This design is one of the rarest seen in a small size model of a bronze cannon.
It replicates a Royal Navy cannon of the 19th Century with a skeleton iron carriage. High quality antique models of ship’s cannons are scarce, but one with a skeleton carriage is scarcer still. This one likely dates dates from the early 19th Century.
Drawing credit Harold L. Peterson, “Round Shot and Rammers”, Copyright 1969
Presented is a finely made, miniature of a Royal Navy ship’s bronze
cannon on a skeleton carriage. It is similar to the one in the drawing which shows a casement gun of English pattern. The skeleton carriage was originally introduced by the British during the 19th Century as a means of eliminating the deterioration of wood due to the severe elements at sea. The barrel on this gun is decidedly British and follows the design of a traditional naval gun. This miniature likely dates to the time these guns were in use. The barrel’s touch hole is clear to the bore. The precision in which this model is made suggests it is the work of a foundry. The bore is clear to the vent hole.
CONSTRUCTION:The two sides of the carriage are cast brass 5/8 inch
thick and 9 7/8 inches long and 4 3/4 inches high at the maximum. There are no casting or lathe marks on the barrel so it was likely cast using the “Lost Wax” method. The trunnions are below the centerline of the tube and help date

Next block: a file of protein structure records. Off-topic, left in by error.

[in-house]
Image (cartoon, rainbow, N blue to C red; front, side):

it. Their caps are screwed to the side of the frame.
Cannon Length overall 14 3/4″
Length barrel 13″ Bore .692″ or .69 Cal
Maximum Width 4 1/2″
Weight of cannon 9 lbs. 15 oz.
Carriage 4 1/2″ W x 8 1/4″ L x 4 3/8″ H
Wheels 1.79″ Dia 45.42mm
The height of the barrel is adjusted by a recently fabricated wood wedge at the rear of the carriage that is mounted on a platform that slides forward and backward to adjust the barrel’s elevation. The adjustment platform is removed in the picture above and shows the tube at full elevation.
Pictured above is the recently fabricated black painted wood elevation ramp
consisting of a wedge that moves forward and backwards to elevate or depress the barrel.
CONDITION: Very good with the normal evidence of handling and minor scuffing on the left side just forward of the 4th reinforcing ring.The patina is a rich dark midnight black with some areas of dark green which is very pleasing to the eye. Neither the carriage or the tube show any signs of being fired. The bore is open to the touch hole. There are no mold marks or inscriptions.
This exceedingly unique example is being sold for display purposes only. No attempt should be made to fire it without inspection and certification by a gunsmith.
The skeleton bronze cannon on iron carriage dated 1840 as pictured above was made by J.J. Wolfe, a British foundry. It was sold by us in 2007 for $7500.00.